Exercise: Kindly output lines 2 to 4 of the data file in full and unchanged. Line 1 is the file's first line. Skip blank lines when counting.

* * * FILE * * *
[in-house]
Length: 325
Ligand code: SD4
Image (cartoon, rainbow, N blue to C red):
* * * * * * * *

Length: 325
Ligand code: SD4
Image (cartoon, rainbow, N blue to C red):